For Immediate Release
Date: Feb 12th, 2013
Contact: Dr. John Thompson
Living Is What You Do When Life Gets In the Way
I first wrote down the date, December 31, 2012, in the summer of 1995. It was the date that I had planned to retire from dentistry, and you know, live on Social Security. If I planned well, I would no longer have to do anything but come to the office on a limited schedule that I could choose as I became a part time employee of my partners. I really expected to work as long as my eyes and hands are working. The less I had to practice dentistry to make a living, the more I have enjoyed it and the less I looked forward to that date.
Practicing dentistry for over forty years has allowed me to meet great people who have been my patients and who have put their trust in me for their dental care. It has also allowed me to work with perhaps the best partners, Larry Elliott, Jerry Stovall, Bill Lee, Janet Lee and Pada Chalothorn, and staff that any dentist could hope for in a career. The present cadre at TLC Dentistry and those who have gone before have allowed me to present dental care and services in an atmosphere that was hard to define as work. Where has time gone? That is the question I have to ask as I write this piece.
Over the past two years I have noticed what I thought was progressive arthritis in first my left hand and then my right. Last year, I began looking for some help with the arthritis and this spring, I began in earnest to seek relief and improvement. I was now unable to grip a golf club and that got my attention. My first stop was my orthopedist, who made an immediate referral to a neurophysiologist to test the nerves that control my fingers and hoping it was just a carpal tunnel problem. After radiographs, MRIs and multiple specialty consultations, I am not dealing with arthritis or carpal tunnel syndrome or cervical stenosis. My problem originates in the nerves that control the motor and sensory function in most of the fingers in both hands. It is called motor neuron disease (MND) and unfortunately it is not reversible and not treatable. The problem began to extract a toll on my life choices.
One choice I made was to go to the internet to better understand MND. DO NOT GO TO THE INTERNET! I followed my internet experience with four days in the fetal position and when I recovered from this I proceeded to develop every symptom of ALS known to man. My faith of steel wife, Dr. Carole, keeps telling me I was depressed and that I did not have ALS. Her reassurance did not alter the fact that my hands were failing and I was realizing that I could no longer practice dentistry as I referred more and more treatment to my partners. The fact that I could no longer grip a golf club was now so totally insignificant as I gave away my clubs.
My neurologist referred me to a neurologist at the UK Medical Center who specializes in ALS. That appointment was just after Thanksgiving. While in his waiting room, I split tooth #18 which had only a shallow class 1 amalgam placed while in dental school. It is gone! My blood pressure was off the chart when the three-hour exam began. You cannot begin to imagine the exuberance I felt when I was told that I do not have ALS and that I should go live my life. I do have a motor neuron problem and neuropathies. They may get worse. There is nothing I can do to make it worse or make it better and there is nothing to treat the problems, but go live your life was the prescription.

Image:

Now I must give credit to Dr. Carole, whose faith is unshakable, as she told me all along it was not ALS and that I was now suffering depression. Her faith, prayers, my prayers and the prayers of family and friends and the prayers of friends of friends have humbled me as those prayers were answered. I cannot say that the physical symptoms have improved at all, but the emotional symptoms have completely abated. My prayer was for a remission and that prayer was answered in spades. The overwhelming fatigue that is a symptom of ALS and depression is gone and I have more energy than my legs will allow.
Why would I share this story? It is because I have learned a lot in this past year. One mantra that I learned from Dr. L. D. Pankey , “What the mind can conceive and believe it will achieve”, I had forgotten. Under the guidance of Dr. Carole, I have chosen to believe that this will not become ALS and I have cancelled all further tests that were scheduled. She has said, logically, that if you can’t change it and they can’t treat it, why do you need to know? I guess I will know, but for now I do not have ALS.
When you think you are facing a devastating disease, it changes everything about the way you think. The most important thing is the relationship you have with family and friends and your ultimate faith in a merciful God. God has provided me a life learning experience that has brought me to a total peace with my mortality. I have decided that I am going to live every day and be grateful that I was given this day to do something good. I now plan to live every day for the rest of my life knowing what blessed really means.
Well, I have retired from clinical dentistry as planned, but not on my terms. I still can’t grip a golf club, but there are those that would say what difference would it make to my game. I most likely will not sail alone, but I do have friends that say they will now sail with me, but only in winds of their choosing. I can still hold a paint brush or pastel stick, so I can still become a starving artist. My mind still seems to work for now, so I am trying to find ways to reinvent myself. For now, I am spending January on an island in South Carolina and will spend most of February in Anguilla. My first Social Security check will arrive when I get there. The sun is shining brightly and I will come up with something good to do today.